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The World Bank yesterday launched a US$100-million fund to help developing countries earn income from using farmland and forests to sequester or conserve carbon.

The fund aims to enable poor nations to benefit from the global 'carbon market' set up by the Kyoto Protocol on climate change. Under the Protocol, developed countries are encouraged to finance carbon projects in poorer countries in exchange for carbon emissions credits.

"The BioCarbon fund will make large parts of the developing world attractive for carbon investors," says Daniel Murdiyarso from the Bogor Agricultural University in Indonesia and member of the BioCarbon Fund's Technical Advisory Committee.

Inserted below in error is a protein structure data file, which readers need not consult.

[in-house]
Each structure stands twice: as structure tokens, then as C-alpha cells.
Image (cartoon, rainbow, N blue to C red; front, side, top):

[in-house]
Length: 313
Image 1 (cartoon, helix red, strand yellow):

The Fund, which will be supported by both the public and the private sectors, will complement two other World Bank initiatives, the Prototype Carbon Fund and the Community Development Carbon Fund launched in September at the World Summit on Sustainable Development (see Community carbon fund to help poor countries).

As well as financing projects that are potentially eligible for credit under the Kyoto Protocol, including tree-planting schemes, the BioCarbon Fund will also assist projects that are not covered by the Protocol, such as restoring degraded forests.

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